Bacterial small non-coding RNAs (sRNAs) are being recognized as novel widespread regulators of gene expression in response to environmental signals. Here, we present the first search for sRNA-encoding genes in the nitrogen-fixing endosymbiont Sinorhizobium meliloti, performed by a genome-wide computational analysis of its intergenic regions. Comparative sequence data from eight related alpha-proteobacteria were obtained, and the interspecies pairwise alignments were scored with the programs eQRNA and RNAz as complementary predictive tools to identify conserved and stable secondary structures corresponding to putative non-coding RNAs. Northern experiments confirmed that eight of the predicted loci, selected among the original 32 candidates as most probable sRNA genes, expressed small transcripts. This result supports the combined use of eQRNA and RNAz as a robust strategy to identify novel sRNAs in bacteria. Furthermore, seven of the transcripts accumulated differentially in free-living and symbiotic conditions. Experimental mapping of the 5’-ends of the detected transcripts revealed that their encoding genes are organized in autonomous transcription units with recognizable promoter and, in most cases, termination signatures. These findings suggest novel regulatory functions for sRNAs related to the interactions of alpha-proteobacteria with their eukaryotic hosts.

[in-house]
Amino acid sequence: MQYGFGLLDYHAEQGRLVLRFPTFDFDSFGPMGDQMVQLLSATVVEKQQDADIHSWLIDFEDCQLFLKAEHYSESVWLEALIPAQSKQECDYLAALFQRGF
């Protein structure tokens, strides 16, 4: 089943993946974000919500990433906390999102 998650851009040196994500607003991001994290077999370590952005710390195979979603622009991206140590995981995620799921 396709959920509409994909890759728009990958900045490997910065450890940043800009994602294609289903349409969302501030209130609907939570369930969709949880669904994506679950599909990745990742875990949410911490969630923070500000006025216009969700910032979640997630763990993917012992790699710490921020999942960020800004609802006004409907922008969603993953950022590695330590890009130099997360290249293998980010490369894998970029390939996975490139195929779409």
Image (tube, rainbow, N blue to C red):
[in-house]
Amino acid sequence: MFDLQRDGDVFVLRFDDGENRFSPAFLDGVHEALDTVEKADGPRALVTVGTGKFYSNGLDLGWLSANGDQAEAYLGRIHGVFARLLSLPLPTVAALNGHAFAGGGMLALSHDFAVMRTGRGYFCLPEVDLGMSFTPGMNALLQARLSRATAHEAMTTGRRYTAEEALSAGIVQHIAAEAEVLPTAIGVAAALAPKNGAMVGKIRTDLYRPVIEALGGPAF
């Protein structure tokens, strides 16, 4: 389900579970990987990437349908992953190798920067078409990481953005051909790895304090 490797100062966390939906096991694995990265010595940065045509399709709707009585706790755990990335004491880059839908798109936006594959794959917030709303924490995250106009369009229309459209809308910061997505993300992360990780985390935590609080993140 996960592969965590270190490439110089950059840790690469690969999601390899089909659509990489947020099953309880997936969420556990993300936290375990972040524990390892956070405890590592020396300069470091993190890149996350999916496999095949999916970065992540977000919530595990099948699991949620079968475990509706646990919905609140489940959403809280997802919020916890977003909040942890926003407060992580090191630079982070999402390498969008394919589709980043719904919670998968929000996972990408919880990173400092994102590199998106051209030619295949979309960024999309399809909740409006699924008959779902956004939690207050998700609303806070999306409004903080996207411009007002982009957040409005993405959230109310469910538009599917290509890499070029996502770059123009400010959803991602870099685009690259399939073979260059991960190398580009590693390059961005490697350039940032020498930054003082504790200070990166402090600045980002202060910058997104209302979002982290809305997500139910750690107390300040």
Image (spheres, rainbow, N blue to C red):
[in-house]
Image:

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    12/01/07 | Olfactory coding with all-or-nothing glomeruli.
    Koulakov A, Gelperin A, Rinberg D
    Journal of Neurophysiology. 2007 Dec;98(6):3134-42. doi: 10.1523/JNEUROSCI.3613-08.2008

    We present a model for olfactory coding based on spatial representation of glomerular responses. In this model distinct odorants activate specific subsets of glomeruli, dependent on the odorant’s chemical identity and concentration. The glomerular response specificities are understood statistically, based on experimentally measured distributions of activation thresholds. A simple version of the model, in which glomerular responses are binary (the all-or-nothing model), allows us to account quantitatively for the following results of human/rodent olfactory psychophysics: 1) just noticeable differences in the perceived concentration of a single odor (Weber ratios) are as low as dC/C approximately 0.04; 2) the number of simultaneously perceived odors can be as high as 12; and 3) extensive lesions of the olfactory bulb do not lead to significant changes in detection or discrimination thresholds. We conclude that a combinatorial code based on a binary glomerular response is sufficient to account for several important features of the discrimination capacity of the mammalian olfactory system.